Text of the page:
### PROBLEM LINK:

**Author:** Anudeep Nekkanti

**Tester:** Gerald Agapov

**Editorialist:** Praveen Dhinwa

### DIFFICULTY:

MEDIUM HARD

### PREREQUISITES:

Suffix Array, Suffix Tree, dfs, Segment tree, Fenwick Tree or BIT.

### PROBLEM:

Given a string S and Q queries. In each query you are given an integer F. You need to find out number of substrings of S

which occur at least F times in S.

### QUICK EXPLANATION

**Suffix Array solution:**

Construct suffix array SA of the string S. Create an array LCP such that LCP* = lcp(SA*, SA[i + 1]). Full form of lcp is longest common prefix.

Now the LCP array can be seen as a histogram with each bar having height LCP*. Then for some range [i,j] if minimum of [LCP*, LCP[i+1]… LCP[j]] is m, then it means that there is a substring of length m, which is present at j-i+2 indices in string S.

Using this property we can find the solution in following way. Let D* represent the number of substrings which repeat exactly i times. If we can compute the array D, we can easily answer all the queries. For a given frequency F, required answer will be D[F] + D[F+1] + … D[length of S].

For a bar of height H (LCP* = H), let us assume that we know the largest interval (L*, R*) such that minimum of LCP array over the interval is equal to H, then it means that we have got a substring of length H, which repeats exactly R*-L*+2 times. (See examples given in the explanation).

We will update the D array accordingly.

**Suffix Tree Solution**

Construct suffix tree of the string S, then you just need to do a dfs over it and keep updating the count of appearance of substrings.

### EXPLANATION

First we will explain more about significance of array D and how it helps to solve the problem. Then the next section will elaborate on

different ways of computing L* and R* for a given histogram H.

Let us take an example string and create its suffix array. Consider the string S = “ABABBAABB”.

```
<tr>
<td>
6
</td>
<td>
AABB
</td>
<td>
1
</td>
</tr>
<tr>
<td>
1
</td>
<td>
ABABBAABB
</td>
<td>
2
</td>
</tr>
<tr>
<td>
7
</td>
<td>
ABB
</td>
<td>
3
</td>
</tr>
<tr>
<td>
3
</td>
<td>
ABBAABB
</td>
<td>
0
</td>
</tr>
<tr>
<td>
9
</td>
<td>
B
</td>
<td>
1
</td>
</tr>
<tr>
<td>
5
</td>
<td>
BAABB
</td>
<td>
2
</td>
</tr>
<tr>
<td>
2
</td>
<td>
BABBAABB
</td>
<td>
1
</td>
</tr>
<tr>
<td>
4
</td>
<td>
BBAABB
</td>
<td>
2
</td>
</tr>
<tr>
<td>
8
</td>
<td>
BB
</td>
<td>
Not Defined
</td>
</tr>
```

Suffix position in S | Suffixes of S | LCP array of S |

Now A appears 4 times in S. A is the prefix of first 4 suffixes in the suffix array. Minimum of LCP[0], LCP[1], LCP[2] (0 based indexing) is 1 which represents that A has appeared 4 times.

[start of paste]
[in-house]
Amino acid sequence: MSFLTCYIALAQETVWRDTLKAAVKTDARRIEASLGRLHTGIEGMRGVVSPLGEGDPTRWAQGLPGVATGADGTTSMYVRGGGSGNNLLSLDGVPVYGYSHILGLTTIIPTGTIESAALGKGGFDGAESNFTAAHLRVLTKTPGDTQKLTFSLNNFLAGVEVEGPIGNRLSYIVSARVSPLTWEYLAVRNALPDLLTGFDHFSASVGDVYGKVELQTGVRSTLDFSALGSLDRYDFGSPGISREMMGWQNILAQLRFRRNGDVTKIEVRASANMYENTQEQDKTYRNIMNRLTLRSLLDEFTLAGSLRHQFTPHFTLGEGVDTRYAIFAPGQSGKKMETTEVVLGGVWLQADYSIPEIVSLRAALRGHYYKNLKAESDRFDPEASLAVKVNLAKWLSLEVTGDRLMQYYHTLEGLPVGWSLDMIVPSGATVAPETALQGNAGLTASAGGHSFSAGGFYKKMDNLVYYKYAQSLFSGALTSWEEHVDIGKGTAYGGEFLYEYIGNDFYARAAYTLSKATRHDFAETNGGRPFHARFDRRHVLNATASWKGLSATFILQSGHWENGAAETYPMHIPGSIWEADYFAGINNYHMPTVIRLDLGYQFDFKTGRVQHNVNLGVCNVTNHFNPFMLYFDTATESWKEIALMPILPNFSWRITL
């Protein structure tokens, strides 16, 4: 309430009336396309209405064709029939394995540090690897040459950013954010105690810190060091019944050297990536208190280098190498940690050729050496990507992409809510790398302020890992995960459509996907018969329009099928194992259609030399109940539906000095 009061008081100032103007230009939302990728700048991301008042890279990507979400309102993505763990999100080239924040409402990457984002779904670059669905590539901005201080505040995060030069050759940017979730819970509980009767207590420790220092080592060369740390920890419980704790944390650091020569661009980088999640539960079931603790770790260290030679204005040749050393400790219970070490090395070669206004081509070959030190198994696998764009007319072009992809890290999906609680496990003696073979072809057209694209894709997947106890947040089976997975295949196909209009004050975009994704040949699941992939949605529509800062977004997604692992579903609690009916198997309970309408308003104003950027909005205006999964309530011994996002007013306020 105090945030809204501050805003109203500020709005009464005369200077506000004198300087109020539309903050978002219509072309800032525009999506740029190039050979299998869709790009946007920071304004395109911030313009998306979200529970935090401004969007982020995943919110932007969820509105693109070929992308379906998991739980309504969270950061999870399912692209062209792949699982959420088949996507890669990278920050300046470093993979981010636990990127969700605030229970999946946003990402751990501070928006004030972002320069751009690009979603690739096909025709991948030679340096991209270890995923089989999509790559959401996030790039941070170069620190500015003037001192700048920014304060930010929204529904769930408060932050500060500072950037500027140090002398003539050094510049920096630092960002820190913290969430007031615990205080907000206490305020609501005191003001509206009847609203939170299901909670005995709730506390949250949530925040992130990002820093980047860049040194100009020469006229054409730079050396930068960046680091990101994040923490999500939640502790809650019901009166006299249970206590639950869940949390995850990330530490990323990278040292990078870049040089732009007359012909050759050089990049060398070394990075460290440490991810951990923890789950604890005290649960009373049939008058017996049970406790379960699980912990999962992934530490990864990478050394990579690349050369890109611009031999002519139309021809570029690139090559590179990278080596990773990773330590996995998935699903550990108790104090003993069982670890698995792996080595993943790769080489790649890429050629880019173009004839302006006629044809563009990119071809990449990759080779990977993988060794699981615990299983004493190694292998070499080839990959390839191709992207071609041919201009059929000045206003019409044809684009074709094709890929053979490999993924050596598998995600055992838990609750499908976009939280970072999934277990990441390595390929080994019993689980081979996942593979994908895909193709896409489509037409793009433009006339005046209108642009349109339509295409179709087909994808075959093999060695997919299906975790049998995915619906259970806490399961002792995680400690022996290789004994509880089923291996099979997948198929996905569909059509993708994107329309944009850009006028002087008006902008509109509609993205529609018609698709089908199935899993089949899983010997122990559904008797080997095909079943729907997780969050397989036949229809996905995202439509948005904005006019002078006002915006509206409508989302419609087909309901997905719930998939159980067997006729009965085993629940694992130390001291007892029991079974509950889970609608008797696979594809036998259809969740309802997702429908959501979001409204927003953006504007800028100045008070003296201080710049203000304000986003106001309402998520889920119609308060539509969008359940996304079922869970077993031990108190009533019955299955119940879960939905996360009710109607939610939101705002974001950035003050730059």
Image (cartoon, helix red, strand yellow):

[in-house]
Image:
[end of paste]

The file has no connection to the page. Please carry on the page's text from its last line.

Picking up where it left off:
As pointed out in the quick explanation section, we can express LCP array as histogram with following values [1, 2, 3, 0, 1, 2, 1, 2]. You can also very easily

verify the fact that if for some range[i, j], minimum of LCP array is m, then their exists a substring of length m occurring at j - i + 2 positions in the string S.

L* for given LCP will be [0, 1, 2, 0, 4, 5, 4, 7].

R* for given LCP will be [2, 2, 2, 7, 7, 5, 7, 7].

Now let us find out how to update D using LCP.

We will iterate over each possible value in the LCP array (in whichever order you wish), Let the value on which we are currently iterating be V.

As we know that for the range [L*, R*], minimum value of LCP array is equal to V.

Note that there are exactly V substrings (consider any prefix of the suffix corresponding to LCP*, ie longest common prefix of i and i + 1 in the suffix array, it has size V and hence there will be V prefixes of it). Hence there will V * (D[R* - L* + 2) substrings repeating (R* - L* + 2) times. So we will update D[R* - L* + 2] by adding val * D[R* - L* + 2] to it.

eg. Let us suppose we have following suffixes in the sorted order.

AA

AAB

AAC

LCP = {2, 2}.

L = {0, 0}.

R = {1, 1}.

When we are iterating over V = 2, Assume we are at position i = 0.

V = 2 and R* - L* + 2 = 3.

We will add 2 * 3 = 6 into D[3]. In other words it refers to adding substrings A and AA 3 times.

The above mentioned approach has some small *pitfalls* which need to be taken care of. We are doing some over-counting in the approach. We need to fix that up. There are two kind of issues with the above approach which are explained in detail here.

**Issue 1**

Let us consider that a string S = ABABAA has following suffixes

A

AA

ABAA

ABABAA

BAA

BABAA

LCP = [1, 1, 3, 0, 2]

L = [0, 0, 2, 0, 4]

R = [2, 2, 2, 4, 4]

When we are iterating over LCP array, Let us assume that current V = 1, If we are at i = 0 (ie at suffix A) we will count that A has occurred exactly 4 times (because R[0] - L[0] + 2 = 4, LCP[0] = 1).

But when are considering V = 2, If we are at position i = 2 (ie we are at suffix ABAA), we have R[2] = 2, L[2] = 2. We will increment the count of D[(R[2] - L[2] + 2)] ie D[2] by 2,

(we are updating count of occurrences of substrings A and AB by 2 more).

But this is not correct, because in this approach we have counted A 6 times, which is wrong (You can easily see that A appears exactly 4 times).

So There is over counting in our current method. We need to somehow get rid of this. Note that at suffix ABAA, the suffix just preceding it is AA.

For V = 2 and suffix ABAA, when we count for A we have already counted the fact that substring A has appeared four times when the V = 1.

So we can not say that all prefixes of length LCP[2] are counted exactly once. Notice that LCP[L* - 1] is 1 and hence we are going to recount just the first prefix of suffix ABAA (ie A). So instead of directly saying that there are exactly LCP* substrings which appear exactly R* - L* + 2 times, we will say that there are exactly min(LCP*, LCP* - LCP[L* - 1], LCP* - LCP[R* + 1]) unique substrings appearing exactly R* - L* + 2 times. If you have not understood this fact, **please** take more examples and convince yourself.